NALLATHAMBY NAVARATNARAJAH, Additional Secretary, Ministry of Foreign Affairs of Sri Lanka, said the ongoing process of globalization had led to an exacerbation of transnational organized criminal activity and international drug trafficking. Indeed, the increasingly widespread nature of such organized activity has made clear their direct links to international criminal networks and terrorist groups. Further, irrespective of their ideological leanings, the level of cooperation between such groups had reached a level that could only be countered through innovative and concerted international intervention.
He said the international community must focus on, among other things, the dramatic increase in illegal activity related to the actions of criminal networks, including illegal acquisition of firearms, money laundering, drug smuggling and trafficking in persons. While the Convention against Transnational Organized Crime provided an important legal framework for the international community’s efforts to address the issue of illicit manufacture of firearms, the outcome of the recent United Nations Conference on the Illicit Trade in Small Arms should have been more ambitious. Sri Lanka would like to have seen a more comprehensive Action Plan in order to provide a foundation for international cooperation on means to address that scourge.
LUIS ALBERTO AMORÓS NÚÑEZ (Cuba) said globalization not only widened the gap between rich and poor, at the same time, it also was providing opportunities to the criminals of the world. The largest Mafia syndicates in the world used the newest technologies and globalized polices to increase their reach. They benefited from opened borders, which made transport easier, and from liberalized financial policies, which made moving money around easier. The international drug trade, and the trafficking in human beings, especially women and children, was made easier. Money laundering was made easier, which helped finance some of those crimes. No country was in a position by itself, no matter the backing of any economic giant, to tackle the problem of international crime.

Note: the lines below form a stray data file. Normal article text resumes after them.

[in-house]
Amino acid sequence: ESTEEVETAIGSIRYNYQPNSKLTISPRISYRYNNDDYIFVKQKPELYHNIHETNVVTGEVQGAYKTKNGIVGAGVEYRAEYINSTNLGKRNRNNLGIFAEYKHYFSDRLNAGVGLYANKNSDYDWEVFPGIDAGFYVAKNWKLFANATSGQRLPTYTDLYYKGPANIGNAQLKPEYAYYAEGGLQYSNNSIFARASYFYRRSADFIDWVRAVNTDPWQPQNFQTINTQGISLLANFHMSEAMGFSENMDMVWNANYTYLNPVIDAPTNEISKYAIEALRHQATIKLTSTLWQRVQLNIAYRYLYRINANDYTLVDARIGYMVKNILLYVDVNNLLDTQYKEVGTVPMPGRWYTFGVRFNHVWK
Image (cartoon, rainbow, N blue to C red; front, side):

Regional and international agreements allowed countries to share experiences and best practices to combat transnational organized crime. Cuba supported the work done against corruption. Cuba had fought against it to ensure that it did not prosper there. It was important to respect the national laws of countries -- that was crucial for international cooperation. International cooperation could not be effective without meeting that prerequisite. That was not an option -- it was a necessity.
DINA NESKOROZHANA (Ukraine) said along with the modern technological revolution had come a new threat to humankind’s security and well-being: computer terrorism. Such terrorism and other high-tech, computer-oriented criminal activities might have disastrous consequences for all, and future international legal instruments and mechanisms should clearly reflect the serious nature of such a threat. She added that in order to fully implement the measures set forth in the Convention against Transnational Organized Crime, it was necessary to take decisive action against corruption.